- IPA: /duːm/
- Destiny, especially terrible.
- a. 1701, John Dryden, “The First Book of Homer's Ilias”, in The Miscellaneous Works of John Dryden, […], volume IV, London: Printed for J[acob] and R[ichard] Tonson, […], published 1760, OCLC 863244003 ↗, page 415 ↗:
- This, for the night; by day, the web and loom, / And homely houſhold-taſk, ſhall be her doom,
- An undesirable fate; an impending severe occurrence or danger that seems inevitable.
- A feeling of danger, impending danger, darkness or despair.
- (countable, obsolete) A law.
- (countable, obsolete) A judgment or decision.
- (countable, obsolete) A sentence or penalty for illegal behaviour.
- The first dooms of London provide especially the recovery of cattle belonging to the citizens.
- 1885, W[illiam] S[chwenck] Gilbert; Arthur Sullivan, composer, “A More Humane Mikado”, in […] The Mikado; or, The Town of Titipu, London: Chappel & Co., […], OCLC 25083293 ↗, Act II, page 36 ↗:
- The billiard sharp whom anyone catches / His doom’s extremely hard— / He’s made to dwell— / In a dungeon cell / On a spot that’s always barred.
- They met an untimely doom when the mineshaft caved in.
- (sometimes capitalized) The Last Judgment; or, an artistic representation thereof.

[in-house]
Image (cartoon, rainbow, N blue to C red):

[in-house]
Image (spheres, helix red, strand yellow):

- (undesirable fate) fortune
- Italian: sentenza
- Russian: Стра́шный суд
- German: drohendes Unheil
- Italian: presagio
- Russian: предчу́вствие
doom (dooms, present participle dooming; past and past participle doomed)
- To pronounce sentence or judgment on; to condemn.
- a criminal doomed to death
- Absolves the just, and dooms the guilty souls.
- To destine; to fix irrevocably the ill fate of.
- 1911, Thomas Babington Macaulay, “[https://en.wikisource.org/wiki/1911_Encyclop%C3%A6dia_Britannica/Goldsmith,_Oliver Goldsmith, Oliver]”, in 1911 Encyclopædia Britannica:
- A man of genius […] doomed to struggle with difficulties.
- (obsolete) To judge; to estimate or determine as a judge.
- (obsolete) To ordain as a penalty; hence, to mulct or fine.
- c. 1593, William Shakespeare, “The Tragedy of Richard the Third: […]”, in Mr. William Shakespeares Comedies, Histories, & Tragedies: Published According to the True Originall Copies (First Folio), London: Printed by Isaac Iaggard, and Ed[ward] Blount, published 1623, OCLC 606515358 ↗, [Act II, scene i]:
- Have I tongue to doom my brother's death?
- (archaic, US, New England) To assess a tax upon, by estimate or at discretion.
- (video games) A popular first-person shooter video game, often regarded as the progenitor of the genre.